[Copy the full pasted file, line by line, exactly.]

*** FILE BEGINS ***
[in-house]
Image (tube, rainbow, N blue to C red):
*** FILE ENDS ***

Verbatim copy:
[in-house]
Image (tube, rainbow, N blue to C red):